– sh1
    Jul 7, 2016 at 16:05
  • So 1 << 3 would not result in 8? I wouldn't want to write software in which that isn't true. After all, left and right are just arbitrary conventions, and I would consider "left" as "towards the higher bit", regardless of the underlying hardware. Jul 7, 2016 at 19:05

Binary is a bit tedious, so I translated it to hex; hope that's okay.

The answer to your question, in this case, is that you will get 21,554 (in decimal).

Here is how you can ascertain this on your own...

First, place those two bytes in memory somewhere, with the Equ $

Some_16_Bit_Value   Equ         $
                    Db          032h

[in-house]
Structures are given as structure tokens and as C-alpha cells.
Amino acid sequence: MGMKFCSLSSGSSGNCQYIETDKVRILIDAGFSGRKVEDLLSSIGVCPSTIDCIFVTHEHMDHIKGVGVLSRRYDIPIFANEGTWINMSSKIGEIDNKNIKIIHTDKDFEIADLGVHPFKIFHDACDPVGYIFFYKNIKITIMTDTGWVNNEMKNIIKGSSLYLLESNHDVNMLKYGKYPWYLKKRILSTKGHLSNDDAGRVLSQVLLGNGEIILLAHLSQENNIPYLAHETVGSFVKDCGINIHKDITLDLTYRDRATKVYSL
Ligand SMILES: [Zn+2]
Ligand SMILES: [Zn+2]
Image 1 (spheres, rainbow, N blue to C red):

Db          054h

Okay, now with that in your .Data segment, put something like this in your .Code segment..

        Mov         Ax, Word Ptr [Some_16_Bit_Value]        ;See what you get

The assembler will generate a complete instruction for you, like this...

        mov         ax,word ptr [Some_16_Bit_Value (13FE9A002h)] 

Open a debug window and view that memory location (i.e., 13FE9A002h)

There you will see the first two bytes are: 32 54 (Those are hex, which is what just about everybody uses)

Step into that mov instruction

You will see that AX will then contain 5432 (in hex, which is your decimal 21,554)

  • Its a nice answer but you did not answer his question. Here it is again: "Is Little-Endian a byte or bit order in x86 architecture?".
    – jww
    Sep 20, 2014 at 9:02
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    @jww "...you did not answer his question. Here it is again:..." I'll have to get better, as this is what I read in the original post, "...What will 'ax' contain ...in decimal - "21554" or "10828"?..."
    – User.1
    Sep 20, 2014 at 21:12